Is it just enough to say
Sometimes I want to write?
As for the rest, I'm not too sure
How much of it is right

I don't know why I write, but now
It's evident I do
Can someone tell me why it is?
Can anyone? Can you?

Gone Is The Wind

I.
Gone is the wind
Gone from the clouds
With busyness twinned
And fast-moving crowds

Gone is the sky
The glorious blue dome
Just seen once a day
When we venture from home

Gone is the world
All the places outdoor
Replaced with a ceiling
Four walls and a floor

II.
Outside, ripples blow through
The whispering grass
While we're inside, waiting
For all this to pass

The wind has not gone
The wind is still there
Still working its magic
On lacklustre air

We are still together
In mind and in thought
Just physically split while
This battle is fought

This won't last forever
We will meet again
When rules will allow it
Stay safe till then.

Historical Fiction Competition 2020

Telegram

April 1917    
    Olivia stepped cautiously down the slippery marble stairs, toe to heel flat on the floor. She peered through the wrought-iron banister; nobody was in sight, the silver-edged post tray was empty. She breathed a sigh of relief and completed the rest of the journey wearily, perfectly upright as ever; balancing an invisible weight on her head that would break her if she stumbled. She flinched at the sound leaking through the small gaps in the window; a dog barking, a tram clanking towards Westminster... a split-second determined that they were safe sounds: the rattle of the telegram boy's bicycle was absent. She paused in front of the photo of her brother Tristan in his soldier's uniform, the glass shiny under the morning sun, then passed into the dining room, where John Spokes - tall, handsome and rather young to be a butler - was sorting the piles of post. He looked up as she entered.
   ...

Inventory

Inventory

Character Name: Abby Chaia Vanilla Laurence
Age: 20
Location: currently Kiev, Ukraine
From the car she is driving

A sunglasses case, monogrammed A.V.L
A red pencil
An expensive fountain pen, broken, with a warped and scratched lid
A second-hand road map of Ukraine, a route traced on in red ink and crosses
A very basic car repair book
A sepia-toned photograph of a boy standing in front of an old-fashioned building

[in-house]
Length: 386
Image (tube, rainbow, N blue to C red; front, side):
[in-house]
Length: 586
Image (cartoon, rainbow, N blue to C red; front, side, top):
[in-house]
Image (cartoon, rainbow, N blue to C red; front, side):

The terms of agreement from the car rental company
A visa for 4 weeks' stay



 

Magnet Man

Although it is a cliche
If you had seen him there
His face was like a magnet
Iron filings for his hair.

A lot of people liked him
To his successes drawn
He looked the part, but in his games
He used them as a pawn

They said he was like a magnet
And that may well be true
If you were in the way of his goal
Like filings he'd crush you

voice

She droops
like a lily
her nose purple
and her cheeks flushed from cold
her voice is like
a dripping dewdrop
falling slowly
and splashing to the floor

Psychic Distance

Strawberry Fields Forever

The tall dark-haired woman scurried along the street, her head down and her steps quick. Her air was of a mouse quietly going about its business, trying to keep out of sight of the people.

The latest of the new bunch of strawberry pickers was leaving. The one with the black hair and slanted eyes; distinctive rather than pretty. She had been there a month; happy or sad, he couldn't tell. He wasn't even sure of her name; Annie, was it? Ken leaned back in his chair and sighed.

The air was crisp rather than cold, in her native Poland this was like a mild September day. Anna hurried along, her spirits low because she knew now she had handed in her notice, there was no going back.

Of course she had to leave, it was becoming too difficult to stay. Only last week there had been reports of rising hate crime in the local news; "Immigrants get out" smeared...

Writing Streak Challenge - Week 7

Challenge Completed

Day 1
At the beginning of this year (well, a bit late), I made a list of 20 things to do in 2020 (okay, it wasn't even 20 ... it's the thought that counts?). Unfortunately, some of these things became unattainable a while after I wrote the list, due to COVID-19. For example, one of them was (roughly) "Go to see some shows". A few months later, the theatres were shut and are looking unlikely to reopen (indoors at least) for some time. So that's looking more difficult at the moment.